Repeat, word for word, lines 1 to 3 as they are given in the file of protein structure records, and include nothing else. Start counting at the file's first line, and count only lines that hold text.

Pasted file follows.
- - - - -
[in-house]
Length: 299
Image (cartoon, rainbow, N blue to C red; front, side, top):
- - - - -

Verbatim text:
[in-house]
Length: 299
Image (cartoon, rainbow, N blue to C red; front, side, top):